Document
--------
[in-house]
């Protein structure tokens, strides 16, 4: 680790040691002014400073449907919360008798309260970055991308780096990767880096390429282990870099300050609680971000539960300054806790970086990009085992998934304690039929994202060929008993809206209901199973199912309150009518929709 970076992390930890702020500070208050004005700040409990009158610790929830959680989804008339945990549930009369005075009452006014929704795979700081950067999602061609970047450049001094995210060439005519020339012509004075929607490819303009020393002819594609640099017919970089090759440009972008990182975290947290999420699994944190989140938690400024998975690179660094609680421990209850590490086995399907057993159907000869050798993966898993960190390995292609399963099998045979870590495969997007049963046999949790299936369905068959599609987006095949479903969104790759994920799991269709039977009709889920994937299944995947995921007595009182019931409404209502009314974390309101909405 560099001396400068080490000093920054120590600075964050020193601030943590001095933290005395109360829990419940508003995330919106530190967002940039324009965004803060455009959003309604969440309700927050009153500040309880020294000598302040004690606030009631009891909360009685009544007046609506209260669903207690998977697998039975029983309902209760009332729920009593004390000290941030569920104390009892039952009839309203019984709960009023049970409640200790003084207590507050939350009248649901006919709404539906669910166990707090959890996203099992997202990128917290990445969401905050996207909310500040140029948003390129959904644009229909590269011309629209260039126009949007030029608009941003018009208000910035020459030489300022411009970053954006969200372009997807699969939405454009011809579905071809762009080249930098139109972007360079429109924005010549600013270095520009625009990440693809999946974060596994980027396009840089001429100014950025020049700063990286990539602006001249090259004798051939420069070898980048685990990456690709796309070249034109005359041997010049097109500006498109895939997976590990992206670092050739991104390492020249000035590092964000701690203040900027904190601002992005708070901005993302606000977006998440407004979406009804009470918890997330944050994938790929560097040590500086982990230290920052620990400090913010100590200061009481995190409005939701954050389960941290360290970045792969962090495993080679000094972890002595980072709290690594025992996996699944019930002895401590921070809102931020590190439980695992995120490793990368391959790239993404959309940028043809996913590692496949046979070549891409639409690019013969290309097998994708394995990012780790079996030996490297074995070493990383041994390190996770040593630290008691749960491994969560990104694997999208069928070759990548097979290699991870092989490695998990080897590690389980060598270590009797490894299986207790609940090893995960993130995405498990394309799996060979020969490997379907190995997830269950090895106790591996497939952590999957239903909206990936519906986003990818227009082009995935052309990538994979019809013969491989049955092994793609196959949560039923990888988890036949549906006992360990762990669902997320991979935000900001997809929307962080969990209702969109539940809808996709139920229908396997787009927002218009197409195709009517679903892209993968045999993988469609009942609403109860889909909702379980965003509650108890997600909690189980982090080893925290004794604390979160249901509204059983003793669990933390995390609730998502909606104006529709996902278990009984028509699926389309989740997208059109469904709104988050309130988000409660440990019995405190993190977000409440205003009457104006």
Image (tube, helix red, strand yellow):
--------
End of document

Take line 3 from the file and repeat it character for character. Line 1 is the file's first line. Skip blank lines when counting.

Image (tube, helix red, strand yellow):